By Paul Booth
Just because a Google AdWords ad text is only a few lines, this doesn’t mean that writing an effective ad is easy. Far from it, it’s the opposite that’s true. An AdWords ad text has to be incredibly precise, contain the most relevant information and communicate clearly and effectively in just a few words. It also has to compete against up to twenty other competitors on a search page all saying something very similar and all trying to win the same click. Now, that’s a tough copywriting challenge in anyone’s language.
Many AdWords advertisers simply throw their hands up in despair and rely on stuffing their ads with keywords and paying high bid prices because the way they see it, there’s no alternative. The trouble with this approach is that the users are faced with search page after search page of poorly written ads. Most of these ads get ignored, and those that do get clicked on end up costing the advertiser way over the odds.
However, there is a solution. Write better ad text. Write an ad text that is more relevant to the user’s search, that has clarity and isn’t gobbledegook, that communicates with the brand’s values and tone-of-voice, that is thought about and Yes – crafted – with perhaps a few direct response copywriting principles thrown in for good measure. And guess what happens? Hey Presto – your ad text’s CTRs start climbing, so too do their Quality Scores and as a result your bid prices go down.
This copywriting approach for AdWords ad text is called ATO, which stands for Ad Text Optimization. It takes an experienced ATO copywriter to write ATO ad text, but any client can judge their ad text – and hence take the first steps towards improving it – by applying these ATO principles when they approve their AdWords ad texts.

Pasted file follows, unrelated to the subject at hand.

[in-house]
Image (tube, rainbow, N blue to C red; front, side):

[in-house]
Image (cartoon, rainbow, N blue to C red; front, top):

The Ten ATO Golden Rules
1. Clarity – sometimes the concise nature of AdWords means that an ad text simply doesn’t make sense. Or the writer is trying to say too much. This only confuses Users and they immediately move on.
2. Format – an ad text that is made up of two separate statements – separated by a full stop at the end of ad text line 1 – is, according to Google, likely to attract 6% more clicks when the ad text appears in the top positions.
3. Sitelinks – has the writer included enhanced sitelinks ad text in the ad?
4. Display URL – the spaces after the / in the Display URL is a valuable extra copy opportunity, not least for repeating the Keyword to boost relevance.
5. Landing Page – does the ad link to the Landing Page in what it says?
6. Brand TOV – has the writer captured the brand’s tone-of-voice? Does the ad say the right things in the right way?
7. Does the ad text try to sell the product/service or win the click? Remember, it’s the job of the ad text to win the click and persuade the User to click through to the Landing Page, which is where the selling takes place.
8. Capitalization – ad texts with each word capitalized win more clicks.
9. Keywords – the keyword needs to be featured in the ad text at least once, if not twice. Dynamic Keyword Insertion – has the Dynamic Keyword Insertion tool been used where it is appropriate?
10. International – international brands also need to ensure that their ad text is transcreated, not just translated, for each individual territory. Very often, simply translating English ad text into foreign languages without recourse to local language and culture results in nonsense ad text and damaged brand image.
About the author
Paul Booth is the Chief Creative Officer of The ATO Co, which delivers ATO copywriting for UK-only and international brands in over 80 countries around the world.